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PLoS Comput Biol. 2008 Mar 21;4(3):e1000032. doi: 10.1371/journal.pcbi.1000032.

Plant classification from bat-like echolocation signals.

Author information

1
Animal Physiology, Zoological Institute, University of Tuebingen, Tuebingen, Germany.

Abstract

Classification of plants according to their echoes is an elementary component of bat behavior that plays an important role in spatial orientation and food acquisition. Vegetation echoes are, however, highly complex stochastic signals: from an acoustical point of view, a plant can be thought of as a three-dimensional array of leaves reflecting the emitted bat call. The received echo is therefore a superposition of many reflections. In this work we suggest that the classification of these echoes might not be such a troublesome routine for bats as formerly thought. We present a rather simple approach to classifying signals from a large database of plant echoes that were created by ensonifying plants with a frequency-modulated bat-like ultrasonic pulse. Our algorithm uses the spectrogram of a single echo from which it only uses features that are undoubtedly accessible to bats. We used a standard machine learning algorithm (SVM) to automatically extract suitable linear combinations of time and frequency cues from the spectrograms such that classification with high accuracy is enabled. This demonstrates that ultrasonic echoes are highly informative about the species membership of an ensonified plant, and that this information can be extracted with rather simple, biologically plausible analysis. Thus, our findings provide a new explanatory basis for the poorly understood observed abilities of bats in classifying vegetation and other complex objects.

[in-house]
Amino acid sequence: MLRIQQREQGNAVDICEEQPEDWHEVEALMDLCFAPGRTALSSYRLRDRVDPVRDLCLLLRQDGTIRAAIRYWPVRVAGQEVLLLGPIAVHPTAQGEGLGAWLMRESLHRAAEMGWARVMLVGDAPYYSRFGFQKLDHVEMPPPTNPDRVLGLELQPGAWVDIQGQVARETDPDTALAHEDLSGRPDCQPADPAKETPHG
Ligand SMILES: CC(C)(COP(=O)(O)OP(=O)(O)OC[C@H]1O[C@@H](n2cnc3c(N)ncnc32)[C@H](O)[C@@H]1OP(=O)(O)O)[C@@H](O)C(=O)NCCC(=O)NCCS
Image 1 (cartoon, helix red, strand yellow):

PMID:
18369425
PMCID:
PMC2267002
DOI:
10.1371/journal.pcbi.1000032
[Indexed for MEDLINE]
Free PMC Article

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